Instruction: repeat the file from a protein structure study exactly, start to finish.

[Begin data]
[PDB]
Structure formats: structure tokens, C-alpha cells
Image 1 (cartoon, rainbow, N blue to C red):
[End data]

[PDB]
Structure formats: structure tokens, C-alpha cells
Image 1 (cartoon, rainbow, N blue to C red):